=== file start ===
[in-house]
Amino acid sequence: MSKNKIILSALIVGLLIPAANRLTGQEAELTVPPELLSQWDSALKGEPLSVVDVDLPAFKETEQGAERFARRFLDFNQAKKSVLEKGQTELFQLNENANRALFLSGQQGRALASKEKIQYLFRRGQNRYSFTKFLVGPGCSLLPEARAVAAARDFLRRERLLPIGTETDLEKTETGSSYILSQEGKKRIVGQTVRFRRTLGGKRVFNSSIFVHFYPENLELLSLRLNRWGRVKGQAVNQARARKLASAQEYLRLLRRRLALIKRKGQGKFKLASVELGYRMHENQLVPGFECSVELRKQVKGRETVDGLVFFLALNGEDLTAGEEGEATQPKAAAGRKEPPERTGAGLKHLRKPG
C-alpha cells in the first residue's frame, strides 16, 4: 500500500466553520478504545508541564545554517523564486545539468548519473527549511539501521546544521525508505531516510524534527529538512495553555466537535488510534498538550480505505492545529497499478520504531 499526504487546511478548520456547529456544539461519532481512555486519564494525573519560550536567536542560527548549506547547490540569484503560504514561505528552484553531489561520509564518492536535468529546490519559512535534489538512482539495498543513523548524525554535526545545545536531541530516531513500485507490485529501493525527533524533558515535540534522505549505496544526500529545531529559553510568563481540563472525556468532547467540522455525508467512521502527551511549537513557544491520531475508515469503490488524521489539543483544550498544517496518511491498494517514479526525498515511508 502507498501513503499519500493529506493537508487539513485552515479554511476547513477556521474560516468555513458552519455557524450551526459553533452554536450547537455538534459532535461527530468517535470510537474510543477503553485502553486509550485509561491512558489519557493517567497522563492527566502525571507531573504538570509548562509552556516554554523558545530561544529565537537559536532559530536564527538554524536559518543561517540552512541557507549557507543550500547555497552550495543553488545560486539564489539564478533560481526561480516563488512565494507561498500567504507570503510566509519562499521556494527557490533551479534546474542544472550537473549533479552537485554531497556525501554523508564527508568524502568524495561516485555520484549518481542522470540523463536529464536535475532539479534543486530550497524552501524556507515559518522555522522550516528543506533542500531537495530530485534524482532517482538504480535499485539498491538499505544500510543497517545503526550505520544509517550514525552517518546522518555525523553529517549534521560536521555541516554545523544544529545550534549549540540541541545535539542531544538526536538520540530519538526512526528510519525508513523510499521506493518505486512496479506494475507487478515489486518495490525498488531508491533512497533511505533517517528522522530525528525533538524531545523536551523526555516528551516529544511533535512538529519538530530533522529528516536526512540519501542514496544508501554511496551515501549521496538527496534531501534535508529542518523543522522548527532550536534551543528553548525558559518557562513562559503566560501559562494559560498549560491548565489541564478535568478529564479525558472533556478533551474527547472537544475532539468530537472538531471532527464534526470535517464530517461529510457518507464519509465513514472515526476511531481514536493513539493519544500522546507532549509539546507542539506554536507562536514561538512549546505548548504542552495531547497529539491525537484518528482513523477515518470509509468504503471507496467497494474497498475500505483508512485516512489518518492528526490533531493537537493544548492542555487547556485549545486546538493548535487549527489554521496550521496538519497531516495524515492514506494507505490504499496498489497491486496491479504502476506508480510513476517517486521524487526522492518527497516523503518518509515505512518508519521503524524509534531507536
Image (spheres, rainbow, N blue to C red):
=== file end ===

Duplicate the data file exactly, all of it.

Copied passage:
[in-house]
Amino acid sequence: MSKNKIILSALIVGLLIPAANRLTGQEAELTVPPELLSQWDSALKGEPLSVVDVDLPAFKETEQGAERFARRFLDFNQAKKSVLEKGQTELFQLNENANRALFLSGQQGRALASKEKIQYLFRRGQNRYSFTKFLVGPGCSLLPEARAVAAARDFLRRERLLPIGTETDLEKTETGSSYILSQEGKKRIVGQTVRFRRTLGGKRVFNSSIFVHFYPENLELLSLRLNRWGRVKGQAVNQARARKLASAQEYLRLLRRRLALIKRKGQGKFKLASVELGYRMHENQLVPGFECSVELRKQVKGRETVDGLVFFLALNGEDLTAGEEGEATQPKAAAGRKEPPERTGAGLKHLRKPG
C-alpha cells in the first residue's frame, strides 16, 4: 500500500466553520478504545508541564545554517523564486545539468548519473527549511539501521546544521525508505531516510524534527529538512495553555466537535488510534498538550480505505492545529497499478520504531 499526504487546511478548520456547529456544539461519532481512555486519564494525573519560550536567536542560527548549506547547490540569484503560504514561505528552484553531489561520509564518492536535468529546490519559512535534489538512482539495498543513523548524525554535526545545545536531541530516531513500485507490485529501493525527533524533558515535540534522505549505496544526500529545531529559553510568563481540563472525556468532547467540522455525508467512521502527551511549537513557544491520531475508515469503490488524521489539543483544550498544517496518511491498494517514479526525498515511508 502507498501513503499519500493529506493537508487539513485552515479554511476547513477556521474560516468555513458552519455557524450551526459553533452554536450547537455538534459532535461527530468517535470510537474510543477503553485502553486509550485509561491512558489519557493517567497522563492527566502525571507531573504538570509548562509552556516554554523558545530561544529565537537559536532559530536564527538554524536559518543561517540552512541557507549557507543550500547555497552550495543553488545560486539564489539564478533560481526561480516563488512565494507561498500567504507570503510566509519562499521556494527557490533551479534546474542544472550537473549533479552537485554531497556525501554523508564527508568524502568524495561516485555520484549518481542522470540523463536529464536535475532539479534543486530550497524552501524556507515559518522555522522550516528543506533542500531537495530530485534524482532517482538504480535499485539498491538499505544500510543497517545503526550505520544509517550514525552517518546522518555525523553529517549534521560536521555541516554545523544544529545550534549549540540541541545535539542531544538526536538520540530519538526512526528510519525508513523510499521506493518505486512496479506494475507487478515489486518495490525498488531508491533512497533511505533517517528522522530525528525533538524531545523536551523526555516528551516529544511533535512538529519538530530533522529528516536526512540519501542514496544508501554511496551515501549521496538527496534531501534535508529542518523543522522548527532550536534551543528553548525558559518557562513562559503566560501559562494559560498549560491548565489541564478535568478529564479525558472533556478533551474527547472537544475532539468530537472538531471532527464534526470535517464530517461529510457518507464519509465513514472515526476511531481514536493513539493519544500522546507532549509539546507542539506554536507562536514561538512549546505548548504542552495531547497529539491525537484518528482513523477515518470509509468504503471507496467497494474497498475500505483508512485516512489518518492528526490533531493537537493544548492542555487547556485549545486546538493548535487549527489554521496550521496538519497531516495524515492514506494507505490504499496498489497491486496491479504502476506508480510513476517517486521524487526522492518527497516523503518518509515505512518508519521503524524509534531507536
Image (spheres, rainbow, N blue to C red):